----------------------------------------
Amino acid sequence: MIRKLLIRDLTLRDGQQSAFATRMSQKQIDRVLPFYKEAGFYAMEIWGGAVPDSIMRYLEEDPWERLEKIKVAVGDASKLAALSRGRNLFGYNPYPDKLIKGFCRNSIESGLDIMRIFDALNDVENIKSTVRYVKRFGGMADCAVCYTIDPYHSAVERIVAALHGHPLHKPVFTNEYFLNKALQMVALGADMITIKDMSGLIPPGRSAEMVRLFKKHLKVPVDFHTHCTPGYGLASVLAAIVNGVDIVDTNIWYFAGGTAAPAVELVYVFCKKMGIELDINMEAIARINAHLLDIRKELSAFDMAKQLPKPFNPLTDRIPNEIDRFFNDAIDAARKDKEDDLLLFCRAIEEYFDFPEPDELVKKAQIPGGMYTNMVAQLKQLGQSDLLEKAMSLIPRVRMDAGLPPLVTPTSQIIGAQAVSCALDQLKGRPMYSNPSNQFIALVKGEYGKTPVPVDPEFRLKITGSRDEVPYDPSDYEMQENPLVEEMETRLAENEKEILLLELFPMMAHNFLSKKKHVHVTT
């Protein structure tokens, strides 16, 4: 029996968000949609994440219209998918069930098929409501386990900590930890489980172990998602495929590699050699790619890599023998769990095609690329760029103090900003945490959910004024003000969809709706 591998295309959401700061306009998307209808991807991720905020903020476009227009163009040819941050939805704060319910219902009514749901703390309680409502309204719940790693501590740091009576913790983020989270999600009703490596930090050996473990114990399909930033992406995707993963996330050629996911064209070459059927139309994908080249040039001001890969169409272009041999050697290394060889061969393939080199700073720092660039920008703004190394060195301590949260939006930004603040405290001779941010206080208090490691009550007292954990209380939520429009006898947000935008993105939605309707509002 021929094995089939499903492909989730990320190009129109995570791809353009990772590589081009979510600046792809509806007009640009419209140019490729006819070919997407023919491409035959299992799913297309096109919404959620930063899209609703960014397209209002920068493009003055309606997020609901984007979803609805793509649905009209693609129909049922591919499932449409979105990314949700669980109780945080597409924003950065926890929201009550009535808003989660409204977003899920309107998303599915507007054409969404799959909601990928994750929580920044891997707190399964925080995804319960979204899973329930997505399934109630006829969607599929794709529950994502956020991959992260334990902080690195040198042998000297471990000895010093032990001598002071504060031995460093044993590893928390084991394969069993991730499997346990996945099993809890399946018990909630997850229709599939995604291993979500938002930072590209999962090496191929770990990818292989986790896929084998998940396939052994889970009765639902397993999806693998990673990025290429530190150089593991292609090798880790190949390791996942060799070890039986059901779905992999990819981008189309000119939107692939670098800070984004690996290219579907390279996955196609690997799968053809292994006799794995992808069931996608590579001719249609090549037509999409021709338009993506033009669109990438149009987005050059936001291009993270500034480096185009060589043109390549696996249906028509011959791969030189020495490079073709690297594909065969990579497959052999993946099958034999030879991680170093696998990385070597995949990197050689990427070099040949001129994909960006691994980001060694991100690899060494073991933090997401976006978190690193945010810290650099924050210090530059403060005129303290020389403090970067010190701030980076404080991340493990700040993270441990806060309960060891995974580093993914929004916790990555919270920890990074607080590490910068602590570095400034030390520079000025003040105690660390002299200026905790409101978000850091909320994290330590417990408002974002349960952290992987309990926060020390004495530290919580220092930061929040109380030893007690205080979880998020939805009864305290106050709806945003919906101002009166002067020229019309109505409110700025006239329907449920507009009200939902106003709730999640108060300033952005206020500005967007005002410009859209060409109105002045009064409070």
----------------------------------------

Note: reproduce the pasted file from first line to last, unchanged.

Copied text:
Amino acid sequence: MIRKLLIRDLTLRDGQQSAFATRMSQKQIDRVLPFYKEAGFYAMEIWGGAVPDSIMRYLEEDPWERLEKIKVAVGDASKLAALSRGRNLFGYNPYPDKLIKGFCRNSIESGLDIMRIFDALNDVENIKSTVRYVKRFGGMADCAVCYTIDPYHSAVERIVAALHGHPLHKPVFTNEYFLNKALQMVALGADMITIKDMSGLIPPGRSAEMVRLFKKHLKVPVDFHTHCTPGYGLASVLAAIVNGVDIVDTNIWYFAGGTAAPAVELVYVFCKKMGIELDINMEAIARINAHLLDIRKELSAFDMAKQLPKPFNPLTDRIPNEIDRFFNDAIDAARKDKEDDLLLFCRAIEEYFDFPEPDELVKKAQIPGGMYTNMVAQLKQLGQSDLLEKAMSLIPRVRMDAGLPPLVTPTSQIIGAQAVSCALDQLKGRPMYSNPSNQFIALVKGEYGKTPVPVDPEFRLKITGSRDEVPYDPSDYEMQENPLVEEMETRLAENEKEILLLELFPMMAHNFLSKKKHVHVTT
């Protein structure tokens, strides 16, 4: 029996968000949609994440219209998918069930098929409501386990900590930890489980172990998602495929590699050699790619890599023998769990095609690329760029103090900003945490959910004024003000969809709706 591998295309959401700061306009998307209808991807991720905020903020476009227009163009040819941050939805704060319910219902009514749901703390309680409502309204719940790693501590740091009576913790983020989270999600009703490596930090050996473990114990399909930033992406995707993963996330050629996911064209070459059927139309994908080249040039001001890969169409272009041999050697290394060889061969393939080199700073720092660039920008703004190394060195301590949260939006930004603040405290001779941010206080208090490691009550007292954990209380939520429009006898947000935008993105939605309707509002 021929094995089939499903492909989730990320190009129109995570791809353009990772590589081009979510600046792809509806007009640009419209140019490729006819070919997407023919491409035959299992799913297309096109919404959620930063899209609703960014397209209002920068493009003055309606997020609901984007979803609805793509649905009209693609129909049922591919499932449409979105990314949700669980109780945080597409924003950065926890929201009550009535808003989660409204977003899920309107998303599915507007054409969404799959909601990928994750929580920044891997707190399964925080995804319960979204899973329930997505399934109630006829969607599929794709529950994502956020991959992260334990902080690195040198042998000297471990000895010093032990001598002071504060031995460093044993590893928390084991394969069993991730499997346990996945099993809890399946018990909630997850229709599939995604291993979500938002930072590209999962090496191929770990990818292989986790896929084998998940396939052994889970009765639902397993999806693998990673990025290429530190150089593991292609090798880790190949390791996942060799070890039986059901779905992999990819981008189309000119939107692939670098800070984004690996290219579907390279996955196609690997799968053809292994006799794995992808069931996608590579001719249609090549037509999409021709338009993506033009669109990438149009987005050059936001291009993270500034480096185009060589043109390549696996249906028509011959791969030189020495490079073709690297594909065969990579497959052999993946099958034999030879991680170093696998990385070597995949990197050689990427070099040949001129994909960006691994980001060694991100690899060494073991933090997401976006978190690193945010810290650099924050210090530059403060005129303290020389403090970067010190701030980076404080991340493990700040993270441990806060309960060891995974580093993914929004916790990555919270920890990074607080590490910068602590570095400034030390520079000025003040105690660390002299200026905790409101978000850091909320994290330590417990408002974002349960952290992987309990926060020390004495530290919580220092930061929040109380030893007690205080979880998020939805009864305290106050709806945003919906101002009166002067020229019309109505409110700025006239329907449920507009009200939902106003709730999640108060300033952005206020500005967007005002410009859209060409109105002045009064409070």